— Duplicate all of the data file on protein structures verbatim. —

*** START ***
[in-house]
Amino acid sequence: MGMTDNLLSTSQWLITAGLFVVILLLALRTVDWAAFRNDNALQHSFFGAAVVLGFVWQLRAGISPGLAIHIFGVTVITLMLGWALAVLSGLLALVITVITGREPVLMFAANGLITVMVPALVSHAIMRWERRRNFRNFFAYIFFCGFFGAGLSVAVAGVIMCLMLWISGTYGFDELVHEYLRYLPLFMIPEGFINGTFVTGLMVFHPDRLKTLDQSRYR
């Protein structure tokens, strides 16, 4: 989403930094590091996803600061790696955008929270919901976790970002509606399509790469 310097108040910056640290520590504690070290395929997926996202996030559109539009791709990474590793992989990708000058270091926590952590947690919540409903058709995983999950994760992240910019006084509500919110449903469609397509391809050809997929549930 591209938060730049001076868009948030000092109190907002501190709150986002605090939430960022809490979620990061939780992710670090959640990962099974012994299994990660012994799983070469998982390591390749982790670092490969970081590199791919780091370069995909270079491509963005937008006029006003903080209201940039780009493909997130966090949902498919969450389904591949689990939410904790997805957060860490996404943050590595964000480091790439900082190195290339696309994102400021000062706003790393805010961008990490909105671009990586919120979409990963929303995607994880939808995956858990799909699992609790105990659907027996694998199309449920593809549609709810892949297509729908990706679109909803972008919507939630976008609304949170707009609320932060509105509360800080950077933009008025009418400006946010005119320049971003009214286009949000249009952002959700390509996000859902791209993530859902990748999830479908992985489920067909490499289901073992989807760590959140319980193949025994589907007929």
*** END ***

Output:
[in-house]
Amino acid sequence: MGMTDNLLSTSQWLITAGLFVVILLLALRTVDWAAFRNDNALQHSFFGAAVVLGFVWQLRAGISPGLAIHIFGVTVITLMLGWALAVLSGLLALVITVITGREPVLMFAANGLITVMVPALVSHAIMRWERRRNFRNFFAYIFFCGFFGAGLSVAVAGVIMCLMLWISGTYGFDELVHEYLRYLPLFMIPEGFINGTFVTGLMVFHPDRLKTLDQSRYR
């Protein structure tokens, strides 16, 4: 989403930094590091996803600061790696955008929270919901976790970002509606399509790469 310097108040910056640290520590504690070290395929997926996202996030559109539009791709990474590793992989990708000058270091926590952590947690919540409903058709995983999950994760992240910019006084509500919110449903469609397509391809050809997929549930 591209938060730049001076868009948030000092109190907002501190709150986002605090939430960022809490979620990061939780992710670090959640990962099974012994299994990660012994799983070469998982390591390749982790670092490969970081590199791919780091370069995909270079491509963005937008006029006003903080209201940039780009493909997130966090949902498919969450389904591949689990939410904790997805957060860490996404943050590595964000480091790439900082190195290339696309994102400021000062706003790393805010961008990490909105671009990586919120979409990963929303995607994880939808995956858990799909699992609790105990659907027996694998199309449920593809549609709810892949297509729908990706679109909803972008919507939630976008609304949170707009609320932060509105509360800080950077933009008025009418400006946010005119320049971003009214286009949000249009952002959700390509996000859902791209993530859902990748999830479908992985489920067909490499289901073992989807760590959140319980193949025994589907007929």